Given these facts, the referee's reliance on Norwalk v. Board of Labor Relations, supra, 206 Conn. 449, 538 A.2d 694, is misplaced.   In that case, the court charged the plaintiff with knowledge of the mechanism by which the municipal corporation may reinstate a discharged police officer because the procedures for reinstatement clearly were made public by the city charter as well as by statute.   In that case it was reasonable for the court to expect the plaintiff, the board of labor relations, to have  knowledge of the required procedures.   In the present case, however, the mechanism that prevented the social service caseworkers from authorizing the challenged payment to the plaintiff was a purely internal policy of which the plaintiff had no knowledge.   In fact, the plaintiff reasonably relied on an extensive history of prior payments for the same services authorized in the same manner.   The authority under which the department agents previously authorized payment to the plaintiff, whether it be actual or apparent, was never properly revoked.

Furthermore, in Norwalk v. Board of Labor Relations, supra, 206 Conn. at 453, 538 A.2d 694, the court's conclusion that the city could not be bound by a settlement agreed to by the city attorney sent to negotiate with the labor board merely required the parties to return to the negotiation process and did not, in fact, leave the plaintiff in a worse position due to its reliance on the agreement.   Conversely, in the present case, the plaintiff relied in good faith on the authorization of the department agents to its detriment.   The plaintiff has already provided the services to the general assistance recipients and the city is therefore equitably estopped from now claiming that the contract was invalid.   See Pepe v. New Britain, 203 Conn. 281, 294, 524 A.2d 629 (1987) (where “benefits have ․ been conferred upon [a municipal defendant], it would not be just to allow the defendant to escape its obligation to compensate the plaintiffs for the reasonable value of their services by asserting that their retention had not been in accordance with required formalities”).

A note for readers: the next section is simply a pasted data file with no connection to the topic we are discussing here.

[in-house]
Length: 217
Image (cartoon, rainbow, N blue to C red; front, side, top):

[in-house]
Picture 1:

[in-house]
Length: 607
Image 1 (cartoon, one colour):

The court should not have accepted the report of the referee because it recommended a judgment that is legally and logically inconsistent with the subordinate facts found.   As a result, we must vacate the judgment of the court.

 The judgment is reversed and the case is remanded with direction to render judgment rejecting the report of the attorney trial referee and for further proceedings in compliance with Practice Book § 19-17(a).


2.   The plaintiff also alleges on appeal that the court improperly accepted the report of the attorney trial referee because the referee made certain erroneous findings of fact and conclusions of law and improperly permitted certain witnesses to testify.   Because none of these issues will recur in a new trial, we need not address them.

3.   It is unclear whether reimbursement for patients between the ages of twenty-one and sixty-five was available prior to a change in the law in 1993.   It is undisputed, however, that after 1993, the state no longer provided reimbursements for detoxification services to general assistance recipients in this age group.


In this opinion the other judges concurred.